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Free Content Risk of infection with Mycobacterium tuberculosis in Malawi: national tuberculin survey 1994

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Abstract:

OBJECTIVE: To estimate the annual risk of tuberculosis infection among schoolchildren in Malawi.

METHODS: A school survey was conducted in twelve randomly selected districts in Malawi. Children in standard 1–4 and aged 6–11 years were eligible. Tuberculin skin testing was performed according to World Health Organization/International Union Against Tuberculosis and Lung Disease guidelines.

RESULTS: Of the 17123 eligible children, 80% were tested. Of those tested 79% were read. The prevalence of infection according to various criteria was 9–12% in children without bacille Calmette-GuĂ©rin (BCG) scar. The prevalence of reactions of 10 mm or more was lower in girls than in boys, increased with age, and was higher in those with than in those without BCG scar. The annual risk of infection was estimated to be within the range 0.6–1.4%.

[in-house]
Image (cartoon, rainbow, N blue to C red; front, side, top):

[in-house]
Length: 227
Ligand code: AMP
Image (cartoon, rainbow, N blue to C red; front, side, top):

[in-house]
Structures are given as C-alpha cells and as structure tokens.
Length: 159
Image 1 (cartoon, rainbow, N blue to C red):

CONCLUSION: Annual risk of infection in Malawi was in the order of 1%. This study is expected to provide valuable baseline information for an assessment of the impact of human immunodeficiency virus (HIV) on tuberculosis transmission in Malawi.

Keywords: HIV; transmission; tuberculin survey; tuberculosis; tuberculosis control

Document Type: Regular Paper

Affiliations: 1: Community Health Sciences Unit, Tuberculosis Control Programme, Lilongwe, Malawi 2: Royal Netherlands Tuberculosis Association (KNCV) and International Tuberculosis Surveillance Centre (ITSC), The Hague, The Netherlands; and International Union Against Tuberculosis and Lung Disease, Paris, France 3: Royal Netherlands Tuberculosis Association (KNCV) and International Tuberculosis Surveillance Centre (ITSC), The Hague, The Netherlands

Publication date: June 1, 2004

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  • The International Journal of Tuberculosis and Lung Disease publishes articles on all aspects of lung health, including public health-related issues such as training programmes, cost-benefit analysis, legislation, epidemiology, intervention studies and health systems research. The IJTLD is dedicated to the continuing education of physicians and health personnel and the dissemination of information on tuberculosis and lung health world-wide.

    Certain IJTLD articles are selected for translation into French, Spanish, Chinese or Russian. They are available on the Union website

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